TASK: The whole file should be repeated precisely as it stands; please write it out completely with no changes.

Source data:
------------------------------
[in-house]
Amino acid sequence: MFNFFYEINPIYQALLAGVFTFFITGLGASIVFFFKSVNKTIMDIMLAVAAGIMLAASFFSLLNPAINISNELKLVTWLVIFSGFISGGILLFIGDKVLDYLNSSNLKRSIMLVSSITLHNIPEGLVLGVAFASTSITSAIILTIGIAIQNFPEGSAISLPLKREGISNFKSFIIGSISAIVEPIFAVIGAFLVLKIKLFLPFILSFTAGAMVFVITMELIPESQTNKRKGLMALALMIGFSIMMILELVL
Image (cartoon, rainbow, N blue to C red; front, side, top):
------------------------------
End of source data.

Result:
[in-house]
Amino acid sequence: MFNFFYEINPIYQALLAGVFTFFITGLGASIVFFFKSVNKTIMDIMLAVAAGIMLAASFFSLLNPAINISNELKLVTWLVIFSGFISGGILLFIGDKVLDYLNSSNLKRSIMLVSSITLHNIPEGLVLGVAFASTSITSAIILTIGIAIQNFPEGSAISLPLKREGISNFKSFIIGSISAIVEPIFAVIGAFLVLKIKLFLPFILSFTAGAMVFVITMELIPESQTNKRKGLMALALMIGFSIMMILELVL
Image (cartoon, rainbow, N blue to C red; front, side, top):